Document Category:
State: Kentucky
Subject Matter: The Impact Rule
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 In a recent opinion, the Kentucky Supreme Court has ruled that the “impact rule” for negligent infliction of emotional distress claims no longer applies in Kentucky: Osborne v. Keeney, 2010 SC-000397-DG (Ky. 2012).1 Under this opinion, a plaintiff does not need to show physical contact or impact to maintain a claim for negligent infliction of emotional distress.

Prior to this ruling, Kentucky followed the “impact rule” with regards to claims for negligent infliction of emotional distress. The “impact rule” meant that a person could not seek damages for negligent infliction of emotional distress unless a physical impact or contact had occurred. For example, a mother who watched her child struck and killed by a negligent driver but who did not come into contact with the car or any debris would not be able to recover damages for negligent infliction of emotional distress under the “impact rule.” The advantage of the rule was that it provided a bright line test for liability: no impact, no liability.

The Kentucky Supreme Court, however, has now ruled that Kentucky will no longer apply the “impact rule.” Under the Osborne decision, a plaintiff is not required to show physical impact or contact to seek damages for negligent infliction of emotional distress. Instead, a plaintiff must establish the basic elements of negligence – duty, breach of duty, injury, and proximate cause. Additionally, the plaintiff must present expert medical or scientific testimony of mental distress manifesting in a medical injury, that is, that the plaintiff suffered mental stress or an emotional injury that is greater than a reasonable person could be expected to endure given the circumstances.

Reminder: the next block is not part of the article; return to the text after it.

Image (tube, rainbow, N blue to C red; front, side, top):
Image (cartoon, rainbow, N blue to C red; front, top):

For example, in the Osborne case, the plaintiff’s home had been hit by an airplane. The plaintiff was not struck by the airplane or by any debris but an internist testified that she was in shock and that her pre-existing conditions, which included anxiety, depression and insomnia, had been aggravated and that she was emotionally unstable. Even though there was no physical contact, the court held that the Osborne plaintiff may be able to maintain a claim for negligent infliction of emotional distress.

This new ruling will affect all pending and future cases. The Kentucky Supreme Court explicitly stated that the abandonment of the “impact rule” will apply retroactively to all cases that will be tried or retried after the opinion becomes final and all pending cases in which the issue has been preserved.


Document Author: Kentucky Supreme Court
Firm/Company: Kentucky Supreme Court
Document Date: December 2012
Search Tags: intentional infliction of emotional distress negligence
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